BWW Review: HAIR at Merrick Theatre & Center For The Arts

BWW Review: HAIR at Merrick Theatre & Center For The Arts

The "summer of love" has officially dawned at The Merrick Theatre as an energetic and inspired production of the tribal rock musical "Hair" plays until July 16.

Director Thomas Ranieri breathes new life into what could have been a dated production with the help of a truly diverse and gifted cast. His choices are fresh and push the boundaries of what the piece can mean for today's audiences.

The tribe opens the show by breaking the fourth wall - something they do quite often throughout the show - and giving the audience some background knowledge about the show before breaking into the hypnotic number "Aquarius," led by Savannah Beckford and her killer vocals.

Gradually, we are introduced to the rest of the tribe. My main qualm with this show has always been the weak characterization of the players - save for a few identifying characteristics - however, this particular cast lends a deeply personal approach to their characters resulting in a much stronger production than most.

The talented Jacqueline Hughes leads the pack as the eccentric Berger. Her stage presence is undeniable as she guides the tribe through their trips and hijinks. She has the ability to switch from comic relief to a dramatic lead in a beat.

Also in the forefront is Jimmy Schumacher as Claude. His charismatic renditions of "Manchester England" and the titular "Hair" are a few of the standout numbers in the show thanks to strong vocals and exuberant spirit.

Ashley Nicastro also makes an impression as NYU student and activist Sheila. Her rendition of "Easy to Be Hard" - made famous by Three Dog Night's recording - is both poignant and galvanizing as she questions the motivations of her fellow tribe members.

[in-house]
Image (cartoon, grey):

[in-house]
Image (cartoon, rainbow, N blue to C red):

While the leads all provide a backbone, the ensemble defines the true spirit of the musical. Both Gabrielle Kalomiris and Juliana Chimenti as the very pregnant Jeanie and the very dreamy Chrissy, respectively, give spirited performances. Meanwhile, Niko Touros' Woof - who often declares his shameless love for Mick Jagger - entertains with the cheekily amusing "Sodomy." Robins Prophete is also a fierce presence with his hypnotic baritone.

And in one of the show's standout moments, John Wixted steals the spotlight in drag as Margaret Mead - a middle-aged tourist who stumbles across the tribe and declares that they should be free to do as they like.

Overall, it is undeniable how well cast this production is.

Scenes are also enhanced by vibrant choreography by Bobby Montaniz and impressive musical direction by Jeremy Kaplan, who leads a talented pit that proves once again that live music can bring a show to a different level than with tracks.

Without a doubt this is not a production to be missed.


"Hair" is presented by the Merrick Theatre & Center for the Arts through July 16. For more information and to purchase tickets, please call 516-868-6400 or visit

Music by Galt MacDermot. Book and lyrics by James Rado and Gerome Ragni. Directed by Thomas Ranieri, Musical Direction by Jeremy Kaplan, Choreography by Bobby Montaniz, Scenic Design by Thomas Ranieri, Costume Design by Meagan Materazo, Lighting Design by Nicholas Cariello, Sound Design by Jessie Barenzano, Stage Management by Julia Bregy.

Starring: Jacqueline Hughes as Berger, Niko Touros as Woof, Robins Prophete as Hud, Jimmy Schumacher as Claude, Gabrielle Kalomiris as Jeanie, Savannah Beckford as Dionne, Juliana Chimenti as Crissy, Ashley Nicastro as Sheila, John Wixted as Margaret Mead, John Dunphy as Hubert, and Elizabeth Earle, Annie Fitzgerald, Steffy Jolin, James Merchant, Justin Steele and Shaina Stroh as others in the tribe.

Related Articles View More Long Island Stories   Shows

From This Author Jaime Zahl